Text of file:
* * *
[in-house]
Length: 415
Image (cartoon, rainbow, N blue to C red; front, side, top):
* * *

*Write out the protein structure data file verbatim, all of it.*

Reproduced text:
[in-house]
Length: 415
Image (cartoon, rainbow, N blue to C red; front, side, top):